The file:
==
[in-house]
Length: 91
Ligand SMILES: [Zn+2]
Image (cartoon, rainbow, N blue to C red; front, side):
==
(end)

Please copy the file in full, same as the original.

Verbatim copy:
[in-house]
Length: 91
Ligand SMILES: [Zn+2]
Image (cartoon, rainbow, N blue to C red; front, side):